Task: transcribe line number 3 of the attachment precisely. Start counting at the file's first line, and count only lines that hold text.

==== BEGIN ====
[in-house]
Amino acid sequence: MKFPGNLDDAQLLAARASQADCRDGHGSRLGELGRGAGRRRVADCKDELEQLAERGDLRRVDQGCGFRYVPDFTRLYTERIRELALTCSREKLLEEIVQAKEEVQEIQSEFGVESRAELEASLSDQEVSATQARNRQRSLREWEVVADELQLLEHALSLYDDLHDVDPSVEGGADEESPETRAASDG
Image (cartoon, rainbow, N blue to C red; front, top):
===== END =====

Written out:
Image (cartoon, rainbow, N blue to C red; front, top):